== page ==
Nicole Maines' Landmark Trans Rights Lawsuit Ends In A Victorious $75,000 Settlement

In a landmark case settled in January this year, a high court ruled for the first time that people should be allowed to use the bathroom that reflects which gender they identify with. In the latest update to the ruling, transgender teen Nicole Maines has been awarded $75,000 in the settlement with her school district.

Maines, who has identified as a woman her entire life, had been using the girls' bathroom at Asa Adams School before the grandfather of a classmate complained to administrators and followed her into the girls' restroom twice, claiming he also had a right to use it. After the incident, Maines was told she must use faculty bathrooms rather than student ones. In 2007, the then-fifth grader's family brought a lawsuit against the Orono school district, claiming that Maines had been discriminated against for being forced to use the unisex faculty restroom.

In January, the Maine Supreme Judicial Court ruled that the district violated the Maine Human Rights Act. The Penobscot County Superior Court, which was tasked with awarding damages, handed down its decision November 25. The order also enjoined the school district from discriminating against transgender students in the future. The money will be divided among GLAAD, Portland law firm Berman Simmons, and the Maines family.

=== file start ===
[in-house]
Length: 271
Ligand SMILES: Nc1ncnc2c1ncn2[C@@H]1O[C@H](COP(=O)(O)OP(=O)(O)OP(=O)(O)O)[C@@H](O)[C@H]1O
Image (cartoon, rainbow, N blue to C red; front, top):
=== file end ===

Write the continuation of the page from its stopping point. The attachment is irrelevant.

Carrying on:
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There is so much awesome about this case. Not least of which is that it has been celebrated and honored as a civil rights victory. Maines was one of the 50 women named by Glamour as a "Hometown Hero," which honors amazing women across the country. Maines has also signed her first book deal and plans on being an advocate for trans rights. She told Glamour that transgender teens can look to her court case as a victory for their rights across the country.

They can look at what happened in Maine and see...our state leaders validated that everyone gets to be whom they need to be.

Although Maines' father, Wayne Maines, has said that he is ready to return to a quieter life outside of the suit, can we have three cheers for good parenting? Not only have the Maines family, including Nicole's twin brother Jonas, given unwavering public support to Nicole, but they willingly launched into a seven-year legal process to force the state to recognize her human rights. Yes, just so much yes for all of this.

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